We not only wanted to test return on equity but also return on assets as a factor that can generate market outperformance. We defined return on assets (ROA) as net profit after tax divided by total assets. But I'm sure you can immediately see the shortcomings of using return on assets when selecting investments. Some companies, like auto manufacturers, need a lot of assets, whereas others, like software companies, have hardly any assets. In the first example, the return on assets is likely to be low, whereas in the second example, it is likely to be extremely high.
However, it does not say how cheap or expensive the shares of the companies are priced, and that, as you saw with the valuation factors we tested, is more important.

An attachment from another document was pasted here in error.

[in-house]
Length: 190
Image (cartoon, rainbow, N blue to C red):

As you can see, ROA is not a very effective factor to use when selecting companies to invest in. Even though Q1 had higher returns than Q5, the results are not linear, and the number of years this factor outperformed the market was only 58% for all three market-size companies. Of all the single factors we tested, buying companies with the highest ROA was the second worst-performing strategy you could have followed.